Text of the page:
Opioid dependence

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Opioid dependence

Psychological disorders

Bipolar and related disorders

Bipolar disorder

Feeding and eating disorders

Anorexia nervosa

Bulimia nervosa

Medication-induced movement disorders and other adverse effects of medication

Neuroleptic malignant syndrome

Serotonin syndrome

Somatic symptom and related disorders

Factitious disorder

Somatic symptom disorder

Trauma and stressor-related disorders; Abuse

Physical and sexual abuse

Post-traumatic stress disorder


Opioid dependence


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USMLE® Step 1 questions

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High Yield Notes

11 pages


Opioid dependence

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USMLE® Step 1 style questions USMLE

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A 2-day-old female neonate is examined in the newborn nursery to evaluate poor feeding. The infant was born vaginally to a 28-year-old woman who did not receive consistent prenatal care during her pregnancy. The pregnancy was complicated by intrauterine growth restriction. The infant was breastfed normally until two hours ago when she became tachypneic and restless. Temperature is 37.8°C (100°F), pulse is 170/min, respirations are 85/min, and blood pressure is 60/35 mmHg. Physical examination shows increased tone in all extremities. The patient appears diaphoretic and has a high-pitched cry and occasional sneezes. There are no dysmorphic facial features. Which of the following best describes the underlying etiology of this infant’s presentation?  


Worldwide, opioids are the most common cause of drug related deaths.

The number of individuals who use them has quadrupled in the last 20 years, with an uptick in heroin use, an even bigger uptick in prescription opioid use, and a large number of people using both.

Because of their potential for addiction and overdose, opioids are regulated substances in many countries.

As a class, opioids share one thing in common—they bind to opioid receptors in the brain, spinal cord, and gastrointestinal tract.

Some are endogenous, meaning that they are produced naturally by the body, like endorphin, short for endogenous morphine.

But others are exogenous, meaning that they come from the environment, like heroin and morphine, which come from the opium poppy—a flowering plant that oozes a milky white liquid—while others like fentanyl are synthesized in the laboratory.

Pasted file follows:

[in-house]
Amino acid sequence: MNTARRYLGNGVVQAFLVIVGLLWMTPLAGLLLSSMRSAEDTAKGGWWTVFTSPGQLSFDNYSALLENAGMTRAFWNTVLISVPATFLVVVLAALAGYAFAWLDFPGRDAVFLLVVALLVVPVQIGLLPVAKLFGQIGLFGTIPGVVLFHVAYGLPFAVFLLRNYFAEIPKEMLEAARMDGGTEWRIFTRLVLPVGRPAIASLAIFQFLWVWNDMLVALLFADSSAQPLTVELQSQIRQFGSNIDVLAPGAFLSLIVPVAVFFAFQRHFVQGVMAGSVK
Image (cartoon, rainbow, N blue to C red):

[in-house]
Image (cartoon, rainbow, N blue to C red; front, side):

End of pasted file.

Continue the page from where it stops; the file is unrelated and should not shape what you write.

To understand how opioids work, let’s zoom into a region of the brain tissue that has opioid receptors.

Normally, in the absence of endorphins, inhibitory neurons secrete a neurotransmitter that prevents nearby neurons from releasing the neurotransmitter dopamine.

Now, let’s say someone goes to play a rigorous game of badminton.

Exercise releases endorphins which activate the three major opioid receptors located on the inhibitory neurons, called the mu, kappa, and delta receptors.

As endorphins bind to these receptors, they block the inhibitory neuron from releasing neurotransmitters, allowing the dopamine secreting neurons to freely unload dopamine.

The dopamine then gets picked up by a third neuron in the same area.

When dopamine release takes place in pain processing regions of the brain like the thalamus, brainstem, and spinal cord, the result is feeling less pain.


Opioid dependence is a medical condition characterized by compulsive use of opioids despite knowing the underlying danger, and developing withdrawal syndrome when opioid use stops. Opioids include drugs like morphine, heroin, codeine, oxycodone, hydrocodone, etc. The treatment for opioid dependence involves a combination of therapy and medications, with support from family and friends.


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  2. "Harrison's Principles of Internal Medicine" McGraw Hill Education / Medical (2018)
  3. "Pathophysiology of Disease: An Introduction to Clinical Medicine 8E" McGraw-Hill Education / Medical (2018)
  4. "Pharmacological therapies for management of opium withdrawal" Cochrane Database of Systematic Reviews (2018)
  5. "An examination of psychiatric comorbidities as a function of gender and substance type within an inpatient substance use treatment program" Drug and Alcohol Dependence (2011)
  6. "Cellular basis of memory for addiction" Dialogues in Clinical Neuroscience (2013)

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